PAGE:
The San Francisco Museum of Modern Art (SFMOMA) announced today the appointment of Henry Urbach as the Museum’s new Helen Hilton Raiser Curator of Architecture and Design. Urbach comes to SFMOMA from New York, where he most recently owned and directed Henry Urbach Architecture, a gallery of contemporary art and architecture that he founded in 1997. He will begin at SFMOMA in September 2006.
“Henry brings a wonderful combination of expertise and imagination to the Museum. We are looking forward to having him continue our tradition of innovative architecture and design exhibitions and acquisitions,” states SFMOMA Director Neal Benezra.
Of his SFMOMA appointment, Urbach says, “A curator of architecture and design can chart a progressive course by supporting significant practices and inspiring excellence. Building on SFMOMA’s long-standing commitment to innovation, we will develop exhibitions, accessions, and projects that define leading research in the field and intensify the dialogue between design and the visual arts. I’m delighted to be moving to the Bay Area and look forward to working closely with its extraordinary architecture and design community, as well as engaging a broad audience with programs that reveal the importance of design in our culture.”
Urbach has vast experience as a curator, teacher, lecturer, and published writer. His past curatorial projects, in addition to more than 50 exhibitions at his gallery, include Latent Space at Netherlands Architecture Institute, Rotterdam (2002); 2 x 2 at Apex Art, New York (2004); and Paradise 8 at Exit Art, New York (1999). Henry Urbach Architecture represented and exhibited many important artists and architects, including Aziz + Cucher, Richard Barnes, Marco Brambilla, Stephen Dean, Diller + Scofidio, E. V. Day, Langlands & Bell, An Te Liu, LOT-EK, Le Corbusier, Neal Rock, Lindy Roy, Ezra Stoller, and Lebbeus Woods. Urbach has also served on curatorial and advisory panels for Exit Art, Artists Space, the Storefront for Art and Architecture, the Architectural League of New York, and the Whitney Museum of American Art.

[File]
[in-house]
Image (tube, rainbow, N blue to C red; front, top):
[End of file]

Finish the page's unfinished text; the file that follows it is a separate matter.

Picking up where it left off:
Urbach received a master’s degree in architecture from Columbia University in 1990. He earned his bachelor’s degree in the history and theory of architecture from Princeton University, magna cum laude, in 1984. In 1995 Urbach received a master’s degree in the history and theory of architecture from Princeton, where he is currently a PhD candidate.
Urbach has been published in many journals and books devoted to architectural history, theory, and criticism, including Assemblage, ANY, Gender Space Architecture, The Journal of Architecture, Scroope: Cambridge Architecture Journal, and Sites. He has written catalogue essays about the work of Interim Office of Architecture, LOT-EK, Simon Ungers, and numerous other architects. He served as a contributing editor for Interior Design magazine from 1997 to 2001, and he has written for Metropolis, The Village Voice, Design Book Review, Artforum, and The New York Times Magazine.
Throughout its history SFMOMA has provided an active forum for examining issues of architecture and design as they relate to modern art. It presented an impressive number of exhibitions in the field before officially founding the Department of Architecture and Design in 1983. Over the last two decades SFMOMA has presented a full schedule of exhibitions, publications, and educational events, including major surveys of the work of living architects, an annual lecture series, and an international design competition.
Paolo Polledri was SFMOMA’s first curator of architecture and design and served until March 1994. Aaron Betsky succeeded Polledri in 1995. Under Betsky the department presented such acclaimed exhibitions as Design Afoot: Athletic Shoes, 1995–2000 (2000); Far Out: Bay Area Design, 1967–1973 (1999); Tiborocity: Design and Undesign by Tibor Kalman, 1979–1999 (1999); Sitting on the Edge: Modernist Design from the Collection of Michael and Gabrielle Boyd (1998); Do Normal: Recent Dutch Design (1998); and Fabrications: Bodybuildings (1998). Betsky also led SFMOMA to become the first American museum to collect Web sites as design objects.
Joseph Rosa served as curator of the department from 2002–6. His tenure was distinguished by such creative and groundbreaking exhibitions as Glamour: Fashion, Industrial Design, Architecture (2004); Body Design (2002); and the first four design series presentations, which featured the work of Lindy Roy (2003), Yves Béhar (2004), 2×4 (2005), and Xefirotarch (2006).